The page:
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Title:Geographies of suffering: the literature of catastrophe in the Francophone Caribbean
Author(s):Brant, Daniel
Director of Research:Murdoch, H. Adlai
Doctoral Committee Chair(s):Mathy, Jean-Philippe
Doctoral Committee Member(s):Flinn, Margaret C.; Bray, Patrick M
Department / Program:French and Italian
Discipline:French
Degree Granting Institution:University of Illinois at Urbana-Champaign
Degree:Ph.D.
Genre:Dissertation
Subject(s):Disaster
Ecocriticism
Haiti
Martinique
Guadeloupe
Postcolonialism
Abstract:In the context of climate change and increasing vulnerability to catastrophe across the globe, this dissertation investigates the political, historical, and cultural stakes of disasters in Martinique, Guadeloupe, and Haiti from the nineteenth century to the present. In so doing, it examines how Caribbean writers respond to the political and social challenges that disasters pose using methodologies from literary criticism, cultural studies, and historical analysis. Attending closely to representation, textuality, and shifting historical contexts, this study analyzes major works by French, Martinican, Guadeloupean, and Haitian writers including Voltaire, Victor Schœlcher, Aimé Césaire, Maryse Condé, and Yanick Lahens alongside other primary sources like travelogues and administrative reports. Developed across four chapters, it makes three significant contributions to Caribbean studies while illuminating theoretical discussions in postcolonial studies, ecocriticism, and disaster studies. First, it underscores the role that the continual risk of natural catastrophe has played in Caribbean history and thought. Second, this project demonstrates how Francophone writing since the Haitian Revolution (1791- 1804) has refashioned catastrophe into a valuable critical framework for reconsidering the Caribbean from within and without. Third, it reveals how this “literature of catastrophe” rethinks domination in the region and articulates new discourses on culture, memory, and identity. Starting in the introduction, which outlines the theoretical and critical contexts for studying Caribbean discourses of catastrophe, this dissertation expands on the concern in trauma studies for the subject’s loss of and return to the ordering logic of narrative to argue that representations of suffering also constitute “geographies of suffering” that re-situate the subject in space and geography with respect to world-systems like European colonialism and postmodern globalization. The ensuing four chapters and conclusion examine the contours of this notion in Caribbean discourses on catastrophe at the global, regional, and insular levels. Chapters one and four engage with the cosmopolitan layers of writing about Caribbean catastrophe in which authors including the Guadeloupean novelist Daniel Maximin and the Haitian writer Dany Laferrière among others use worldwide experiences of catastrophe to create new forms of global solidarities. Conversely, chapters two and three focus on the regional and local ripples of catastrophe across the Caribbean as well as in twentieth- and twenty-first-century Martinican literature. In this way, chapter two interrogates cross-island reflections on nineteenth-century earthquakes and ruins in Haiti and Guadeloupe while chapter three explores the place of the 1902 volcanic disaster with regards to shifting discourses on ethnic identity in the work of Aimé Césaire, Édouard Glissant, Patrick Chamoiseau, and Suzanne Dracius. The conclusion, which highlights a burgeoning corpus of West Indian science fiction texts, builds on these previous reflections to demonstrate how Caribbean literature is also critically invested in exploring the possibilities of looming global ecological catastrophes. While the effects of climate change and the strains of capitalism augment global vulnerability to catastrophe, the varied responses by intellectuals and writers to catastrophes in this dissertation bespeak Caribbean resiliency against such disruptions and highlight these moments as critical points of departure for rethinking the region’s relations to Northern centers of power. Ultimately, this dissertation argues that reading this literature of catastrophe constitutes a critical practice of destabilizing the very hierarchies of power, cultures, and capital that marginalize the Caribbean and its inhabitants.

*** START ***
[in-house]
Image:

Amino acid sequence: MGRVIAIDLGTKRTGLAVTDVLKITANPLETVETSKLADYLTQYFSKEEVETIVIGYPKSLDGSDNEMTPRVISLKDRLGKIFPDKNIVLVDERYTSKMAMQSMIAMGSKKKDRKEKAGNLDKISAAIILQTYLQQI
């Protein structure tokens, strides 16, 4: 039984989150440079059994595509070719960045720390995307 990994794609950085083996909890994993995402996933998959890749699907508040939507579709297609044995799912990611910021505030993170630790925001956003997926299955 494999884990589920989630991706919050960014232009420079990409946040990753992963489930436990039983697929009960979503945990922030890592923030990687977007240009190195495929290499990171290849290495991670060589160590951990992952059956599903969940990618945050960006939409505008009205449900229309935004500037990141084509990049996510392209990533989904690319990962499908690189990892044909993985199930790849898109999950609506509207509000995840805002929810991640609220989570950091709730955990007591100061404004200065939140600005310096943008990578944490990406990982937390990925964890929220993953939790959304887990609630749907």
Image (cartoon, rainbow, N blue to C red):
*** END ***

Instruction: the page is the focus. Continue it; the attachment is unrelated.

Issue Date:2015-04-16
Type:Thesis
URI:http://hdl.handle.net/2142/78619
Rights Information:Copyright 2015 Daniel Brant
Date Available in IDEALS:2015-07-22
Date Deposited:May 2015


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